I am currently teaching one of these ESL classes at my church building every Friday night to a wonderful group of immigrants, most of whom are Iranians. They are kind and intelligent people with impressive backgrounds; one is a former doctor, another an engineer, another an accountant. They are a segment of my local community that, were it not for this ESL program, I probably would not have had an opportunity to ever meet or interact with. And were it not for this ESL program, many of these immigrants probably would never have heard of Mormons, much less had any reason to enter a Mormon church building. In a few short weeks, we have begun building bridges of understanding, both literally and figuratively, between immigrants and native members of our community, and between those of other faiths and our own.
Although we haven’t attempted to impose our beliefs on any of these ESL class members, some of them have naturally become curious about who we are and what motivates us to help them. For example, five of our ESL class members (four Iranians and one Russian), showed up at our Sunday Church meetings just a few weeks into the ESL program. One such member of the class, an Iranian who is now taking the missionary discussions, showed up at our ESL class the other night and, without prompting, expressed his newfound faith. “I love Jesus,” he said, as he proudly displayed a crucifix necklace and ring he had recently purchased.
To me, this new ESL program is a welcome outward extension of the generous donations of time, talents, and energy that Mormons are so good at giving each other. We Mormons have a wonderful volunteer spirit, and an admirable organizational system. However, all too often, our volunteerism and organizational efforts at the local level are directed inward. Although we see admirable exceptions to this general rule when natural disasters strike, after the rubble has been cleared, too often we return to focusing our regular service efforts on our fellow Mormons.
I have long been feeling the need to serve those outside my faith by doing something more than paying taxes and marking the “Humanitarian Aid” check box when making a monetary contribution to the Church. It is always good to give money to a good cause, but there is something about providing community service personally that truly nourishes the soul. So it is my hope that this new ESL program is just one of many forthcoming efforts by the Church and its membership to reach out and serve our local communities in significant and sustained ways.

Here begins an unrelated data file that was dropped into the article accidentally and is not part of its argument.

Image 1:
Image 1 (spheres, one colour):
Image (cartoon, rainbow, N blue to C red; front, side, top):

In closing, I look forward to a day when the word “Mormons” readily comes to mind whenever anyone in the world is asked: “Who feeds the hungry? Who shelters the homeless? Who clothes the naked? Who helps cure the sick? Who visits the imprisoned?” Hopefully, one day people in every community where Mormons are found will answer those questions in a way similar to a gentleman I once heard giving thanks after his community had been devastated by a hurricane:
I’d like to thank two churches in particular for all their efforts in helping clean up and rebuild our community.
One of those churches is the Church of Jesus Christ of Latter-day Saints.
And the other is the Mormons.
So, what are your thoughts about this topic? I’d love to get your views on any or all of the following questions:
1. If every able stake and ward in the Church were to implement a Church-led “Ammon approach” of continual, meaningful community service, do you think the number of genuine converts to the Church would naturally increase, or would it just draw limited resources away from other efforts that bring converts into the Church and reduce convert baptisms?
2. Considering that nothing is currently preventing individual Church members from volunteering to serve in their communities, is there really a need for the Church to help organize and staff such community service efforts, or is community service something that Church members can do (and are already doing) on their own in sufficient numbers?
3. Considering that there are already numerous government agencies and private charitable organizations that address humanitarian problems, is it more appropriate for the Church to focus on those activities that only the Church is qualified and capable of doing, i.e., serving its members spiritually and spreading its Gospel message?
4. Considering how much time Mormons already dedicate to Church service, do Church members even have the time or resources to add regular community service to their already busy schedules? In other words, is a Church-led community service program something that would overburden Church members, or would it give them the spiritual nourishment they are seeking?
5. Is a Church-led program of continual, meaningful community service the elusive answer to the persistent question of how to turn every Church member into a “member missionary”?